There will be more radiation since Earth’s magnetic field will be far behind, and that’s been well discussed on this site and a bit by Elon Musk; for energetic solar events there will likely be shielded areas where the occupants can retreat for the duration.

So it sounds like while there may be “nicer” accommodations (e.g. “cabins”, perhaps even with reasonable facsimiles of doors instead of what they have now (see GIF and GIF) will the physical environment “feel” in any way significantly different on an interplanetary mission than an orbital one?

I can’t think of anything beyond the availability of specific creature comforts that might be installed, are there any that would be the direct result of differences between an Earth-orbit experience and an interplanetary experience?

All topic

Are experience awards additive in Battlestations?

I’m having trouble deciphering the v1.1 rules in general, but especially whether some experience awards are additive.

For example, are the rewards for attempting the mission and the experience for completing the mission additive? That is, if Jimbo goes on a mission and succeeds, does he get the 50 exp for trying and 100 exp for winning or just the 100 exp for winning?

Also, if a character goes on a mission (50 exp) and dies (100 prestige) but the crew wins the mission (100 exp), what is he awarded? 150 exp and 100 prestige? Or just 50 experience and 100 prestige?

Finally, are the bonus awards for driving off / capturing / destroying enemy warships / freighters given out for the ships listed in the mission, or only when they show up for some other reason?

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How to optimize ETH donations in an ICO when receiving ETH from an exchange? (Best user experience)

I’d like to make raising funds in ETH as easy as possible. This is the flow that I’m imagining for my average user:

1) User visits my ICO page
2) They download a key and address file generated in-browser
3) They’re also shown a second address that says “send ETH here to convert it to a token in the wallet you just downloaded”
4) (Important) because the user is only a trader, they go to their exchange page and type in the address from step 3
5) When the exchange processes the withdrawal, they get tokens from the address in step 2

What I’m asking is how to optimize this process from a smart contract perspective. The way I see it, each user needs a “token receipt” address (to receive their tokens; downloaded from my page) and a “eth receiving” address (to send ETH to from the exchange; already recognized by the smart contract). But, while “token receipt” addresses can be generated on the fly, there should be “eth receiving” addresses already in the smart contract (so that a user can load the page and already have an eth receiving address assigned to them).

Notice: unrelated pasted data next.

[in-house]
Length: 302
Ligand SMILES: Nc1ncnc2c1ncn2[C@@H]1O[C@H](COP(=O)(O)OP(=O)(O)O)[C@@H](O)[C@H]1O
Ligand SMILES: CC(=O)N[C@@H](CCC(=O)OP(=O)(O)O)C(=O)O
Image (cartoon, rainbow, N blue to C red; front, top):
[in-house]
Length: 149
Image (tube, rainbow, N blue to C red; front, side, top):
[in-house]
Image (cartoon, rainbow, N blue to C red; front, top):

I guess my first question is, are there any existing smart contract libraries already available that enable the overrall scope of this question? No need to re-invent the wheel.

If there aren’t, what’s the best approach to do? Launch the smart contract with 10,000 “eth receiving” addresses? Is there any way I can automatically forward money sent to the “Eth Receiving” addresses to a single multi-sign address? (To protect funds better and not have 10000 of keys for each eth transaction received).

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How to improve the user experience of an illustrated map?

Are there any recommended suggestions to improve the interaction cost for an illustrated map? More precisely, any time a user clicks on a “point of interest” and then goes back to the map, all items load again. Also, from usability testing and watching analytic recordings, it seems as if users aren’t clicking all the way through and instead just “hovering” over illustrations on the map. Any suggestions on how we can get users more engaged with the map content? Are there any other sites that have set a good precedent for this?

Link to map here: http://thebambergergroup.com/map/murray-hill/nyc

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Any experience of IOTA on embedded devices?

I got an issue, so I wrote a stackoverflow issue: https://stackoverflow.com/questions/48898733/cant-resolve-library-dependencies Maybe someone is able to help me.

After writing this issue, I thought I just ask if someone is already using a IOTA light wallet on embedded devices. I speak about devices with a few KB RAM and ROM. Nothing like a Raspberry etc. with a full linux-system. If somebody is already using it, it would be nice to get some advice.

Which library are you using?
How does your setup looks like?

/e Just to update the people coming from Google. I am working on it and already successfully created a tx bundle on a STM32F1: https://github.com/embedded-iota/micro-light-wallet

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Q : Hacker Experience Upload list dont appear?

When i clic upload button , normaly it appear a list of soft that i can upload to the server , but this no more happen , it changes from “upload …” to ” upload” without that list !?